Shai Agassi is the CEO of Project Better Place (PBP). That is a well-financed endeavor to create an infrastructure of battery charging/swapping stations across, at present, Israel and Denmark. The concept is that electric cars would be cheap if they didn’t have batteries in them. The batteries would be owned by PBP, and drivers, when their charge got low, could pull into a swap station and have a fresh fully-charged battery swapped in. The drivers would never own the batteries and simply subscribe to the service, possibly even getting the car for nearly free, analogous to some cell phone plans.
As nice an idea as it is, it is considered unlikely such an infrastructure could be created across the vastness of America and thus would be unlikely to be embraced here. In fact, as battery technology matures both in terms of range increases and cost reductions, the whole idea could become moot.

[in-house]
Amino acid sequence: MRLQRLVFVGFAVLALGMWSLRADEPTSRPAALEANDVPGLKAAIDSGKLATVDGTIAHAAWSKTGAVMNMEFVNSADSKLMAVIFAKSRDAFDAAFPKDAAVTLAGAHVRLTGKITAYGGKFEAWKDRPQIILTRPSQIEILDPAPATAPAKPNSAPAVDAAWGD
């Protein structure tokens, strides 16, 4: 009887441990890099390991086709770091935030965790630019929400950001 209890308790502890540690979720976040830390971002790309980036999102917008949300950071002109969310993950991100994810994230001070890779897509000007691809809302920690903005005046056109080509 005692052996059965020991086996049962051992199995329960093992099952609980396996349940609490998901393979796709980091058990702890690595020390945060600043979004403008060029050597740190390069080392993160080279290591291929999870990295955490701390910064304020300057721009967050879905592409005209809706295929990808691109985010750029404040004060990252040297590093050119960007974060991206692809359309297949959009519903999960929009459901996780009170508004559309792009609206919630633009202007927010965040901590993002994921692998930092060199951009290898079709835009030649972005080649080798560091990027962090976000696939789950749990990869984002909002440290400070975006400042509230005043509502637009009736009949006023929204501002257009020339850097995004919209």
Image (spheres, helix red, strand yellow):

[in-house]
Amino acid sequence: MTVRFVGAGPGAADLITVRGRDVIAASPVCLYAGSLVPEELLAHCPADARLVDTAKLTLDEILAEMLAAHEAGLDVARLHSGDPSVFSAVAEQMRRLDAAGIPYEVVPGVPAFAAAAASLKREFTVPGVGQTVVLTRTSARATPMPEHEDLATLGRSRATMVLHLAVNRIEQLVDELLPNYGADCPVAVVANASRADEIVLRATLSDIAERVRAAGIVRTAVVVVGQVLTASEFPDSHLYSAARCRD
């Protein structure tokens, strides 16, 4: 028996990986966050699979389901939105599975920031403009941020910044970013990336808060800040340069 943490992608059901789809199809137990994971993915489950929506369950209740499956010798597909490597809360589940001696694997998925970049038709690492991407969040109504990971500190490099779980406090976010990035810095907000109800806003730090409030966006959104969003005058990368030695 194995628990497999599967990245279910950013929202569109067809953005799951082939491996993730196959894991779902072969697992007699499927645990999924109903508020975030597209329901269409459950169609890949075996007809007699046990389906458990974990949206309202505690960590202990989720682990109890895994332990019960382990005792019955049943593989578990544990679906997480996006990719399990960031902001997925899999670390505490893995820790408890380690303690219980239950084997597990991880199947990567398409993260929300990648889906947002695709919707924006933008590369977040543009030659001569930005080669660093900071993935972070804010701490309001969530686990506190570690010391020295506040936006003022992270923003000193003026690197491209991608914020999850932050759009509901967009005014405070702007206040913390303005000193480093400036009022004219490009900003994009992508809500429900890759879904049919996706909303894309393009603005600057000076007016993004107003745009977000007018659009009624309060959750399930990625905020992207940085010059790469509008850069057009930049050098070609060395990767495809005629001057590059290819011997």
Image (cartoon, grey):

At the Paris Auto Show, to illustrate his belief that his approach is superior, Agassi took a shot at GM who contends the Volt will eventually become a global high-volume car. He indicated that the Volt would be priced too high to be mass market car, stating “the Volt is a $20,000 car that will cost $40,000. It will be a niche product.”
He instead contended “we want to make electric cars a mass market thing, and the only way to do that is to make it cheaper than driving a regular car.”
Source (Wall Street Journal)
This entry was posted on Tuesday, October 7th, 2008 at 9:18 pm and is filed under Charging, Financial. You can follow any responses to this entry through the RSS 2.0 feed. Both comments and pings are currently closed.